hiking

views

forest

birding

walking

waterfall

wild flowers

wildlife

nature trips

dogs on leash

trail running

river

Caesars Head State Park has long been a must-see in the South Carolina Upstate. A granitic gneiss outcropping atop the dramatic Blue Ridge Escarpment, it offers breathtaking views year-round, especially when fall sets the hardwoods ablaze. Another annual highlight is the Hawk Watch program each fall, timed to allow visitors to marvel at the unforgettable sight of hundreds of soaring, swirling migrating raptors hawks, kites, falcons, eagles and more from the park visitors own perch at 3,200 feet above sea level. Hiking trails ranging from easy to challenging circle and traverse Caesars Head and adjoining Jones Gap state parks, which together form the Mountain Bridge Wilderness, about 11,000 acres of pristine southern mountain forest. One of the most popular trails at Caesars Head leads to 420-foot Raven Cliff Falls, where a suspension bridge offers one of the two publicly accessible overlooks to the falls as they splash deep into the mountain cove below. Picnicking and wilderness trailside camping also are highlights. The park, easily accessible with its headquarters on U.S. 276 just shy of the state line, also leads to some prime trout fishing areas in the state-designated scenic Middle Saluda River.

Jones Gap Falls is not a robust waterfall but it's very pretty and the hike along the Middle Saluda is worth it on its own. The trail is pretty rocky and can be quite wet(as in, streams across the trail) depending on the recent rainfall. You should go past Jones Gap Falls so you can see the nice cascades on the river and eventually Toll Road Falls about a mile on.

Really gorgeous waterfall! The trail is pretty difficult, especially if you have short legs(guilty); there are just some pretty big steps upward required. Also, I personally found the dark purple blazes kind of easy to lose in the late afternoon sun and got off track once(but decided to see where the path went and found a nice little spot). Worth the effort.

My best friend, Tony and I, hiked this trail yesterday. The temperature was perfect for early December and the views were extremely amazing. We did get off trail three times. The trail markers are hard to follow at times and we felt like we were climbing over more debris than we were walking on trail but it was absolutely worth every tiring moment. We started at 9:30am and completed the trail at 3:40pm. We did 9.4 miles (some of which was lost trail mileage). I would highly recommend this hike for the more professional/experienced hikers.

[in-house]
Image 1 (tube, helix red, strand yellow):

gorgeous but ABSOLUTELY NOT FOR DOGS with multiple ladders including a 10ft straight vertical... quite a bit of rock scrambling and crossing over multiple slick ‘waterfalls’... especially difficult with wet leaves in fall... take your trekking poles, a small daypack & a trail buddy and you’ll totally enjoy the challenge!

gorgeous but ABSOLUTELY NOT FOR DOGS with multiple ladders including a 10ft straight vertical... quite a bit of rock scrambling and crossing over multiple slick ‘waterfalls’... especially difficult with wet leaves in fall... take your trekking poles, a small daypack & a trail buddy and you’ll totally enjoy the challenge!

gorgeous but ABSOLUTELY NOT FOR DOGS with multiple ladders including a 10ft straight vertical... quite a bit of rock scrambling and crossing over multiple slick ‘waterfalls’... especially difficult with wet leaves in fall... take your trekking poles, a small daypack & a trail buddy and you’ll totally enjoy the challenge!

awesome waterfall!

Great trail! This trail is definitely hard/strenuous as a few others mentioned, but it’s 100% worth it. Great long range views along the trail (in the late fall/winter) and from the falls as well. The falls were beautiful and great for picnicking. We’ll definitely do this one again.

Great trail not too far from Greenville. We took our 5-year-old and it took us almost 1.5 hours up and an hour back out. Without little kids, it takes half that time. I wouldn't take kids any younger than 5 or 6, as there are lots of rocks and it's a bit treacherous in some spots. It's also not the best trail to wear a baby/small child, again due to the frequent large rocks and being a little slippery. But it's a good workout with beautiful views.

My wife and I hiked this trail today and just loved it. In the fall, with most of the leaves off the trees, you can see the various streams and falls from a distance. We did the loop counterclockwise, heading down the Dismal Trail then back up the Naturaland Trust Trail. We really liked the primitive quality of the Dismal and Naturaland trails. Got off the trail twice coming up the Naturaland trail because we were not paying close enough attention. There are many small waterfalls to see, two cool bridges (one made of fallen trees and the other a suspension bridge), and a section of trail at the base of a very tall rock cliff. The ascent back up Naturaland was no joke, so be prepared for some steep uphill trail segments.. the only downside was that Gum Gap and Raven Cliff Falls Trails seemed relatively boring by comparison on the final leg of the hike. We will be back with friends!